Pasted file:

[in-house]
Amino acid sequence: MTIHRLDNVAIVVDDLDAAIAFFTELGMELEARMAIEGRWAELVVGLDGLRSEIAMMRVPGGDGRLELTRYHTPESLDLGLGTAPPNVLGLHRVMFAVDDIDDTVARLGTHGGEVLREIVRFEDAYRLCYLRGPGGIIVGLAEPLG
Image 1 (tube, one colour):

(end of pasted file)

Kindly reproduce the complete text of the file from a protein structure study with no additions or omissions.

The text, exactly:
[in-house]
Amino acid sequence: MTIHRLDNVAIVVDDLDAAIAFFTELGMELEARMAIEGRWAELVVGLDGLRSEIAMMRVPGGDGRLELTRYHTPESLDLGLGTAPPNVLGLHRVMFAVDDIDDTVARLGTHGGEVLREIVRFEDAYRLCYLRGPGGIIVGLAEPLG
Image 1 (tube, one colour):